Loneliness - A Modern Epidemic

As many of you know, I'm loathe to use the term self-care. Many of the world's religions and spiritual traditions consider cherishing or clinging to the self as the fundamental source of suffering. Why would we take care of the thing that's the root cause of what makes us miserable? That being said, I acknowledge that burning the candle on both ends is ultimately depleting, and depletion hampers your capacity to fully participate in life.

This past week I delivered a presentation on self-care to rural mental health providers. I arrived armed with my usual array of slides, charts and factoids, all in the interest of delivering an argument for what I consider to be the basics of self-care; sleep, cardiovascular exercise and meditation. While I do not feel that this list is exhaustive, I generally focus on these three as the first-order foci in developing a sustainable self-care regimen.

The first two hours of the presentation included several double-takes at my watch. I cou…

Ready? Ready.

At the University of Wisconsin - Madison, the new semester begins in a few days. While I inevitably greet the start of a new semester with a refrain along the lines of I can't believe how fast that break passed by, I have some interesting projects afoot in 2020 that I'm excited to embrace.

The project that will occupy most of my attention, and admittedly should occupy even more of my time each week, will be my dissertation. Having completed the MS last Fall, it's now time for me to set the wheels into motion on the Ph.D. I have a very promising topic, one some colleagues have referred to as potentially high-impact science, and this coming semester I will analyze a subset of the data to verify that my idea is do-able.

I will also be working on submitting an article or two for publication. The first order of business in this CV-building initiative is transforming my MS thesis into publishable form. The format for my first-choice journal has a maximum length of 2,000 words. …

Movement and Meditation

In my experience, meditation and working-out are wonderfully complementary. The past week I've been on retreat in Crestone, Colorado, and doing a deeper dive into the relationship of meditation, running and calisthenics.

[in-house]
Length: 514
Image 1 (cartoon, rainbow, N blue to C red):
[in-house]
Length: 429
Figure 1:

For years I referred to my Yoga practice as moving meditation, and I think that there was some truth to that labelling. I moved mindfully, and I found that sinking into the end-range of my joints opened the door to some sense of the vastness of mind. Unfortunately, I also found that these moments were transient, and I clung to those mindstates with the tenacity of a predator sinking their claws into their prey.
Around the same time that I organically started moving away from Yoga, I met the meditation master, Mingyur Rinpoche. With the guidance of Rinpoche and his senior instructors, I learned that the mindstates that I'd abused my body to attain were there all along, recognizable at any time and at any place.

As the past decade unfolded, I've explored ho…

Reflections on Travels.

The other day a number of ten-years-on photos showed up in friends' Facebook feeds. Nostalgia-driven endeavors often draw me in, and I searched my 2009 photo albums for a suitable photo of my cat, Buddy.

In scrolling through archived photos, I was struck by the number of photos from my travels in India and Nepal. I've been fortunate to have spent a good deal of time in South Asia, and I have many rich memories of the people, places and traditions I encountered in these travels. These encounters enriched my life in many ways, both expected and unexpected.